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Precision Metal Stamping: Materials & Mods Guide

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Precision metal stamping is among the most common metalworking techniques utilized by various industries to turn sheet metal into custom parts.

Progressive metal stamping uses tooling called a progressive die, which contains multiple stamping stations to perform simultaneous operations on a sheet metal strip. A feeding system unrolls the strip from its coil and pushes it through each of the die’s different workstations until the final part is made.

Because this process uses various materials and techniques, it’s essential to understand the options available and factors to consider before getting started.

Precision Metal Stamping Challenges

One of these common problems is metal cracking, which can occur along the edges during hot and cold rolling. This is sometimes due to uneven heating or rolling, but there are also metallurgical factors to consider.

Like most challenges that occur during precision metal stamping, the best way to navigate cracking is to determine and address the root cause. Partnering with a precision reroll mill with metallurgical expertise can be a tremendous help for stampers in performing root cause analysis and resolving issues such as these.

Types of Steel Used for Precision Metal Stamping

Manufacturers can use a variety of metals in precision metal stampings. However, some processes and types of metals perform better in the precision metal stamping process or are a better fit for a particular use case.

Hot rolled steel is roll-pressed at high temperatures and cooled quickly, which leaves a rough surface. For purposes that require closer dimensional tolerances and accuracy, sheet metal is processed further at room temperature through cold finishing techniques.

During the cold rolling process, when the metal is put under mechanical stress, it causes a permanent change to the crystalline structure of the metal. This causes an increase in its strength and often improves corrosion resistance. A cold-rolled stainless steel coil can be precision manufactured, allowing the metal to be produced to extremely tight tolerances. Precision stamping itself uses stamping dies to form metal. This typically occurs at room temperature, making it a cold process.

When choosing a metal to use, consider the benefits and limitations of each and the requirements for your part. It’s all about matching the alloy and its properties with the needs of the application being manufactured.

Key Factors to Consider When Choosing a Material for Precision Metal Stamping

Some of the key factors to consider when choosing a material for precision metal stamping are the metal’s ductility & formability, tensile strength, machinability, and work hardening rate.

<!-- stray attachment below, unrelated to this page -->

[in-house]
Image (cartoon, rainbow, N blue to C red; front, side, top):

Forming occurs somewhere between the yield strength and tensile strength of the material. If yield isn’t exceeded, forming doesn’t occur but exceeding the tensile strength results in a material fracture. In higher-strength materials, the window between yield and tensile is very small.

The grain size of a material is commonly used to indicate its formability, and consistent grain size is highly desirable for forming operations. Grain size can be controlled by a rerolling mill within a very close range by monitoring the temperature of the annealing furnace and the speed at which the strip passes through the line.


You should consider the tensile strength of the metal you choose to ensure that it can withstand the amount of force applied during use.


A machinable material can be cut quickly with a good finish, which reduces costs. However, it’s more important to choose a material that meets the requirements of your part rather than choosing a machinable material.


Depending on how much work is done to the metal and how much it needs to be deformed in a particular operation, the material may require annealing to reset its properties to prevent cracking, breaks, and other material imperfections.

Forming Operations in Precision Metal Stamping

In precision metal stampings, manufacturers use metal forming operations to make parts from metal and metal alloys. It is highly versatile and can be used to create complex, detailed components with an exceptional degree of accuracy and repeatability.

design guideline can help you decide the optimal materials and processes.

Options That Fit Your Needs

Engineer-to-engineer collaboration between stampers and precision re-rollers is highly beneficial, especially during new product and process development. Ulbrich’s metallurgical experts and wide alloy selection allow us to match precision metal stampers with the ideal material for their applications and equipment.

Contact us to learn how our solutions could help you reduce scrap and die wear.